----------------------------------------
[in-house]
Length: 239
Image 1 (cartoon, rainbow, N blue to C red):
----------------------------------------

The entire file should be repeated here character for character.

[in-house]
Length: 239
Image 1 (cartoon, rainbow, N blue to C red):